Wednesday, May 24, 2006

Searing criticism of Manuel from the boys of BP

I have been extremely reserved about overly criticising Manuel, mostly because it's hard to judge the job a manager is doing because a) it's never all that clear exactly what a manager does, and b) the manager has access to inside information we the public may never have.

Nevertheless, BP has seen fit to use the most public responsibility of a manager, namely bullpen management, to point out something rather obvious. Money quote:

Arthur Rhodes and Tom Gordon combined to throw seven pitches last night, while Ryan Franklin (the eighth-best pitcher on the team) threw 21, including the most important ones of the ballgame. That’s simply a failure by the man in the dugout.


I roundly criticised Larry Bowa in his day (pre-blogging) mostly due to his bullpen management. Whatever benefits Mr. Manuel brings to the table, his failures in understanding the concepts of bullpen leverage make me yearn for the days when we might have a manager who can actually make in-game decisions wisely. Last night's loss can be squarely laid at Charlie's feet.

We Should Be GMs also have very direct criticism of the manager:

Continuing to stick with Ryan Franklin in game deciding situations is destroying the Phils. Two outs in the 8th, tying run at the plate...not Cormi-air and his 0.64 ERA or Closer Gordon and his 1.45 ERA....no, stick with Franklin and watch the lead evaporate. This type of managerial idiocy cannot continue much longer.

2 Comments:

At 7:15 AM, Blogger Tom Goodman said...

PK: I though I would share the following exchange with you regarding BP and Franklin. (It is the text of an email I shared with a few other bloggers.):

One more comment on last night's game, courtesy of Jason Weitzel, who made a very astute observation (nothing new there). He and I were discussing the decision to let Franklin stay in and pitch to Reyes and the comments to which I referred all of you in Pawnking's blog in which he linked to an article in Baseball Prospectus criticizing CM for that decision.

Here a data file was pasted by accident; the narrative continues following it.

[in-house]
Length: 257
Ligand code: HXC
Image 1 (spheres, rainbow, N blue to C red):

Earlier in the afternoon Jason had emailed me this response to the BP article: BP analysis of relief pitching is always out of touch with reality.

When I asked him why he said (I paraphrase): They don't watch the games. Basically they rely on box scores and second hand reports of what transpired. Jason went on to say that Reyes had a terrible night up to that fateful inning and it was certainly true. I called Jason during the bottom of the first inning to talk about how well Floyd had pitched up to that point. I even mentioned how glad I was to see him strike out Reyes, always a dangerous guy to have on base. Reyes hadn't done anything up to the moment he hit that home run off of Franklin (he went 1 - 7 for the evening) and the pitch he hit was a classic pitcher's pitch that he somehow got the bat head on.

Jason's well-taken point is that BP didn't see the previous at-bats by Reyes let alone what Franklin had done with the first couple of batters in the inning including Chavez, who reached base because of his speed and, if anything, Franklins' failure to cover first fast enough. Hardly a solid hit.

So, leaving Franklin in at the point wasn't such a bad idea. It just didn't work out. Reyes managed to get his bat on the ball and hit it out. His home run may have been lluck in the final analysis, but it wasn't necessarily bad managing either.

 
At 7:59 AM, Blogger Pawnking said...

Tom, your point, and Jason's, is well taken. Which is part of the reason I attempted to qualify my criticism at the beginning of the blog.

However, the fact is that there was no possible justification for not having your best pitcher on the mound with the tying run at bat two outs bottom of the eighth. None.

1) Gordon was not tired from overuse
2) Charlie was not playing a rightie/lefty game
3) Franklin is not better historically or in this season than Gordon by any metric.

I don't have a big problem with starting the inning with Franklin, and I see that it wasn't as if he laid one down broad street to Pujols, but with a three run lead, which at bat was more important? The last one of the eighth, or all three in the ninth?

Check out the graph. The Mets, in that one AB, went from virtually no chance of winning to over 50%. Why wouldn't you want you best pitcher out there in that situation?

 

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